The coding of expected value in some striatal regions occurred irrespectively of different multiplicative combinations of reward magnitude and probability. This was unlikely due to insensitivity of these regions to magnitude or probability as these regions showed increasing responses when these parameters varied independently (Fig. 4B). Neither was expected value coding due to simple coincidence or conjunction of magnitude and probability coding. To achieve expected value coding irrespective of magnitude-probability combinations would require closely matching response gains, so that response reduction with one parameter is compensated by response augmentation with the other parameter. Unmatched gains for magnitude and probability responses would not lead to unchanged brain responses when decrease in one parameter together with increase in the other results in the same expected value. The required matching of response gains for magnitude and probability in regions in which both variables are processed make the coding of expected value a remarkable achievement of neural coding.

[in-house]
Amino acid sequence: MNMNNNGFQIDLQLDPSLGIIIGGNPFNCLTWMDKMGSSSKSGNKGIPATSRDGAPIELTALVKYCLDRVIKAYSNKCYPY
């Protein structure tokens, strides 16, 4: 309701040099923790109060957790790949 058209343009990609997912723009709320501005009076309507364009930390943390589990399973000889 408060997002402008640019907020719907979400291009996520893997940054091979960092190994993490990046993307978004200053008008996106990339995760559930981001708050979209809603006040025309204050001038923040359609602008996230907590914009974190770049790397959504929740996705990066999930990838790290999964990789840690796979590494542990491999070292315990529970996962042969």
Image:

Apart from the activations reflecting expected value we confirmed previous results indicating separate, regionally distinct relationships of striatal activations to reward magnitude (Breiter et al. 2001; Delgado et al. 2003; O'Doherty et al. 2001) and probability (Dreher et al. 2006), with the exception of a block design study that failed to find magnitude relationships (Elliott et al. 2003). A previous study found covariations with magnitude in nucleus accumbens but not with probability or expected value (Knutson et al. 2005). However, that study used an anticipatory delay between cues and outcomes in a contingent action-outcome design including loss trials, which may preclude direct comparisons with the present study. Thus it had been unclear until now whether these separate reward parameters might be coded in combination as expected value in parts of the human brain and specifically in the striatum. The present results suggest that fMRI activations reflecting reward magnitude, probability, and expected value occur in separate striatal regions and well separated from uncertainty coding.